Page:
Wall Street Journal: Why New Credit Cards May Fall Short on Fraud Control
Banks Take Measures Against Counterfeiting, but Opt Not to Use PINs, Considered More Secure Than Signatures
Read the full article here: http://on.wsj.com/1BA7NFE
By ROBIN SIDEL
Big U.S. banks are steering clear of an advanced security measure used in credit cards around the world, opting for a system that is more convenient for shoppers but may leave them vulnerable to fraud.
This year, firms ranging from J.P. Morgan Chase & Co. to Discover Financial Services Inc. are expected to roll out more than a half-billion new credit cards embedded with computer chips that create a unique code for each transaction, making counterfeiting much more difficult.
In a retreat for the industry, however, the new cards don't use some technology that could prevent fraud if a card is lost or stolen.
Instead of requiring customers to put in a personal identification number, or PIN, the new cards need users to authenticate credit-card transactions the same way they often do now, with a signature. PINs are widely considered to be more secure than signatures, which can be easily copied.
The more advanced "chip-and-PIN" technology has been adopted in Europe, Australia and Canada. The U.S. is one of the few developed countries not to embrace it.
U.S. bank executives said they are choosing the signature version so customers won't be burdened at the checkout line to remember a new four-digit code.
Chip-and-signature cards "are such a big shift that we didn't want to make it more difficult than it already will be" by requiring a PIN, said Jon Krauss, senior manager for card payment strategy at Discover. The Riverwoods, Ill.-based card company will be issuing signature-based chip credit cards in 2015.
Chip-based cards must be inserted into the bottom of the cash-register terminal instead of swiped. Consumers have to leave the card in the terminal until they sign for the purchase.
J.P. Morgan Chase, the nation's biggest card issuer, had initially planned to issue chip-and-PIN credit cards in 2014, but the bank put those plans on hold after testing them with consumers, according to a person familiar with the bank's strategy. The bank has issued millions of chip-and-signature cards.
Other big banks opting for the chip-and-signature cards include Bank of America Corp. and Citigroup Inc.
The push for the new cards in the U.S. comes as financial institutions are reeling from a recent rash of costly data breaches at big merchants like Home Depot Inc., Staples Inc. and International Dairy Queen Inc. Industry observers said many of those attacks wouldn't have happened if consumers used chip cards and merchants had technology in place to accept them.
Other groups are pushing for cards with the added layer of security provided by PINs. Target Corp. , which was rocked by a data breach at the end of 2013, is one of the few merchants whose customers are getting store-branded credit and debit cards with the PIN technology.
In October, President Barack Obama issued an executive order to replace government-issued cards, such as those that contain Social Security benefits, with new ones featuring chip-and-PIN technology starting on Jan. 1.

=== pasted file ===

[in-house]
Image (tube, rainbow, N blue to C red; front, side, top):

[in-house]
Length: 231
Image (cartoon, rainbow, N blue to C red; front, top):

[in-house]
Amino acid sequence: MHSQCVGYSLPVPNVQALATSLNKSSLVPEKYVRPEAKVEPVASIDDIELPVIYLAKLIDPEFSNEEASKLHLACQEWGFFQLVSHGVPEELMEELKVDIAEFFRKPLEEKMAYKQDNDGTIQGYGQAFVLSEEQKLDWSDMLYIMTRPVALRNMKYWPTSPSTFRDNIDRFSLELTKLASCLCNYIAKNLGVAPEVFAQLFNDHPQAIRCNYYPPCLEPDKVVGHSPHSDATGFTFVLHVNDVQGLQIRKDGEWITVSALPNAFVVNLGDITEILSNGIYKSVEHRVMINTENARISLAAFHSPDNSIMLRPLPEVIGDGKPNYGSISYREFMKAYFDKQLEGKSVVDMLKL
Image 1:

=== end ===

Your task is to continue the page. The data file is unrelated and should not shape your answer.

Even without requiring PINs, the chip-based cards significantly reduce the chance that stolen card data can be used to make counterfeit cards, essentially making the data useless to thieves. Counterfeiting is the biggest risk of large-scale cyberattacks like the ones on Home Depot and Target.
U.S. credit-card-fraud losses totaled roughly $18 billion in 2013, according to Javelin Strategy & Research, a consulting firm that is a unit of Greenwich Associates. About a third of those losses are attributed to counterfeit cards, according to consulting firm Aite Group.
The PIN system is only a defense for point-of-sale purchases and doesn't provide additional protection for online sales.
"There is a lot of concern that PINs would create customer-service issues for consumers and merchants if a consumer can't complete a transaction because they have forgotten the PIN," said Randy Vanderhoof, executive director of the Smart Card Alliance, an industry group representing banks and credit-card companies.
But Merrill Halpern, assistant vice president of card services at United Nations Federal Credit Union, said the potential inconvenience isn't a good enough reason to choose signatures over PINs. The credit union, based in Long Island City, N.Y., is one of the few credit-card companies that issues chip-and-PIN cards.
"We should be doing the most we can to fight fraud, and the only way to send that message is to stand clearly behind chip-and-PIN," he said. The credit union has 100,000 credit-card customers, with about 40% of them living in the U.S.
The decision to issue signature cards instead of PINs is creating more tension in the already-fractious relationship between credit-card issuers and merchants, who have long fought over fees and other issues.
"It is absolutely a concern, and we believe [the new cards] are a half-measure," said Andrew Szente, vice president of government affairs at the Retail Industry Leaders Association, a Washington, D.C.-based trade group. Banks, on the other hand, said many merchants don't have PIN pads to accommodate the technology.